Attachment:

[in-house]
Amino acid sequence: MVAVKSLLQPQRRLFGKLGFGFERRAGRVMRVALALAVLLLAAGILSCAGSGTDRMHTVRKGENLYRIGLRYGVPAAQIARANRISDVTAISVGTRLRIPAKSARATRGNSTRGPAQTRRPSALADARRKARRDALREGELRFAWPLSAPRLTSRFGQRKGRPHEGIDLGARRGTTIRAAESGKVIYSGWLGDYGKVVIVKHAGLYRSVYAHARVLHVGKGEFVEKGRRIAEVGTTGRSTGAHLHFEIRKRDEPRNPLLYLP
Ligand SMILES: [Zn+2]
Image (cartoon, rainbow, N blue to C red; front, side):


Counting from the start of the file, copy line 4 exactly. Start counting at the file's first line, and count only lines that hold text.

Image (cartoon, rainbow, N blue to C red; front, side):